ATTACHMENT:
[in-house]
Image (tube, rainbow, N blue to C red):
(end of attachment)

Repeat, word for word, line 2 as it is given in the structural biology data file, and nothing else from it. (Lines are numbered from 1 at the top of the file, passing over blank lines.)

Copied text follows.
Image (tube, rainbow, N blue to C red):